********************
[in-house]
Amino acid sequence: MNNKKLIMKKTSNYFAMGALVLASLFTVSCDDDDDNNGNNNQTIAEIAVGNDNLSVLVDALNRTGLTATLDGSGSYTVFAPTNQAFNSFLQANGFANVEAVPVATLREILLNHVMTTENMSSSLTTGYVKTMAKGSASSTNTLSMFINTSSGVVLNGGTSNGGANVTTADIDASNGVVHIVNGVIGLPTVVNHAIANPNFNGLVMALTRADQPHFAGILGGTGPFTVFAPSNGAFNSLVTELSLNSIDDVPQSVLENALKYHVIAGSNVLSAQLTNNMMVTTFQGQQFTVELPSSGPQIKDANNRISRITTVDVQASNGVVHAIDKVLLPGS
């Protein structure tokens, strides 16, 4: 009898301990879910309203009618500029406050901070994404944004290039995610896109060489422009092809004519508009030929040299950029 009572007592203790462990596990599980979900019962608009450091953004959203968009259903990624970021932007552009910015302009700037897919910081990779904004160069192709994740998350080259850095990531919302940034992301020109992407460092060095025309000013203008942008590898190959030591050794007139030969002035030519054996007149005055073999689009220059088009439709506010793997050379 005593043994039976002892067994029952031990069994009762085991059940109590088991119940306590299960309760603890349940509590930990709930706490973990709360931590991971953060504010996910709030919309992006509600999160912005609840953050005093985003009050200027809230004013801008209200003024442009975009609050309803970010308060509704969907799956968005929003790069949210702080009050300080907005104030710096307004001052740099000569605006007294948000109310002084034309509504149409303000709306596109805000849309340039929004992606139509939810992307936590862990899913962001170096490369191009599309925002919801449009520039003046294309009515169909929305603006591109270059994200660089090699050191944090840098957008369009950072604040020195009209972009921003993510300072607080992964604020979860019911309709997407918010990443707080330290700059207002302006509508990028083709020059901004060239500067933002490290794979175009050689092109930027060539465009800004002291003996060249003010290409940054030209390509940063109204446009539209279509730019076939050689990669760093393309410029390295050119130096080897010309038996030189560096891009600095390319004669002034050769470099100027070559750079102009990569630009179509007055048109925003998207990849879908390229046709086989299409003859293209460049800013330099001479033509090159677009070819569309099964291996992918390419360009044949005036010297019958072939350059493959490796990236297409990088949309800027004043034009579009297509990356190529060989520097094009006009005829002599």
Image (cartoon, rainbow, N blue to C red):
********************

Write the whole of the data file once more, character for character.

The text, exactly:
[in-house]
Amino acid sequence: MNNKKLIMKKTSNYFAMGALVLASLFTVSCDDDDDNNGNNNQTIAEIAVGNDNLSVLVDALNRTGLTATLDGSGSYTVFAPTNQAFNSFLQANGFANVEAVPVATLREILLNHVMTTENMSSSLTTGYVKTMAKGSASSTNTLSMFINTSSGVVLNGGTSNGGANVTTADIDASNGVVHIVNGVIGLPTVVNHAIANPNFNGLVMALTRADQPHFAGILGGTGPFTVFAPSNGAFNSLVTELSLNSIDDVPQSVLENALKYHVIAGSNVLSAQLTNNMMVTTFQGQQFTVELPSSGPQIKDANNRISRITTVDVQASNGVVHAIDKVLLPGS
């Protein structure tokens, strides 16, 4: 009898301990879910309203009618500029406050901070994404944004290039995610896109060489422009092809004519508009030929040299950029 009572007592203790462990596990599980979900019962608009450091953004959203968009259903990624970021932007552009910015302009700037897919910081990779904004160069192709994740998350080259850095990531919302940034992301020109992407460092060095025309000013203008942008590898190959030591050794007139030969002035030519054996007149005055073999689009220059088009439709506010793997050379 005593043994039976002892067994029952031990069994009762085991059940109590088991119940306590299960309760603890349940509590930990709930706490973990709360931590991971953060504010996910709030919309992006509600999160912005609840953050005093985003009050200027809230004013801008209200003024442009975009609050309803970010308060509704969907799956968005929003790069949210702080009050300080907005104030710096307004001052740099000569605006007294948000109310002084034309509504149409303000709306596109805000849309340039929004992606139509939810992307936590862990899913962001170096490369191009599309925002919801449009520039003046294309009515169909929305603006591109270059994200660089090699050191944090840098957008369009950072604040020195009209972009921003993510300072607080992964604020979860019911309709997407918010990443707080330290700059207002302006509508990028083709020059901004060239500067933002490290794979175009050689092109930027060539465009800004002291003996060249003010290409940054030209390509940063109204446009539209279509730019076939050689990669760093393309410029390295050119130096080897010309038996030189560096891009600095390319004669002034050769470099100027070559750079102009990569630009179509007055048109925003998207990849879908390229046709086989299409003859293209460049800013330099001479033509090159677009070819569309099964291996992918390419360009044949005036010297019958072939350059493959490796990236297409990088949309800027004043034009579009297509990356190529060989520097094009006009005829002599």
Image (cartoon, rainbow, N blue to C red):